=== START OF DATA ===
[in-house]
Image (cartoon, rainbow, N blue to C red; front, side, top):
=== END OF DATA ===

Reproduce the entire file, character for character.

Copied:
[in-house]
Image (cartoon, rainbow, N blue to C red; front, side, top):